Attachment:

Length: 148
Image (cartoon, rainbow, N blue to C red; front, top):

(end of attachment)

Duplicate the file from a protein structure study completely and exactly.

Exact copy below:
Length: 148
Image (cartoon, rainbow, N blue to C red; front, top):